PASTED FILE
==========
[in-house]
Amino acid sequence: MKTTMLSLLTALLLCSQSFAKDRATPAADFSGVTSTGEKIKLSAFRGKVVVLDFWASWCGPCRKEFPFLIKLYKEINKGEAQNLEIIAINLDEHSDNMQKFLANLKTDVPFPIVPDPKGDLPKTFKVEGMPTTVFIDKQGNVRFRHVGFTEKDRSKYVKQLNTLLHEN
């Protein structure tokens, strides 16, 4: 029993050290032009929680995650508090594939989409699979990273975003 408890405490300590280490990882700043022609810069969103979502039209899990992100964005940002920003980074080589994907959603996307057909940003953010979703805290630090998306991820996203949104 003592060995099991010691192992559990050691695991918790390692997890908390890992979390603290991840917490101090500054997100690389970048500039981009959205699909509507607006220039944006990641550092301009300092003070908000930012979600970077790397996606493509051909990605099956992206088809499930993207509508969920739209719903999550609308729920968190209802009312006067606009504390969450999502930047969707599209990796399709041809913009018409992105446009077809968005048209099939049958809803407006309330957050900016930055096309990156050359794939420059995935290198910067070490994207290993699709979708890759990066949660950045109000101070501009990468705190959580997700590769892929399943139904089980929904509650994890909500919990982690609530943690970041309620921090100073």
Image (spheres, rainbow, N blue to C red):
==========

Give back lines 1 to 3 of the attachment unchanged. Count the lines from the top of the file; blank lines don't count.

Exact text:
[in-house]
Amino acid sequence: MKTTMLSLLTALLLCSQSFAKDRATPAADFSGVTSTGEKIKLSAFRGKVVVLDFWASWCGPCRKEFPFLIKLYKEINKGEAQNLEIIAINLDEHSDNMQKFLANLKTDVPFPIVPDPKGDLPKTFKVEGMPTTVFIDKQGNVRFRHVGFTEKDRSKYVKQLNTLLHEN
């Protein structure tokens, strides 16, 4: 029993050290032009929680995650508090594939989409699979990273975003 408890405490300590280490990882700043022609810069969103979502039209899990992100964005940002920003980074080589994907959603996307057909940003953010979703805290630090998306991820996203949104 003592060995099991010691192992559990050691695991918790390692997890908390890992979390603290991840917490101090500054997100690389970048500039981009959205699909509507607006220039944006990641550092301009300092003070908000930012979600970077790397996606493509051909990605099956992206088809499930993207509508969920739209719903999550609308729920968190209802009312006067606009504390969450999502930047969707599209990796399709041809913009018409992105446009077809968005048209099939049958809803407006309330957050900016930055096309990156050359794939420059995935290198910067070490994207290993699709979708890759990066949660950045109000101070501009990468705190959580997700590769892929399943139904089980929904509650994890909500919990982690609530943690970041309620921090100073």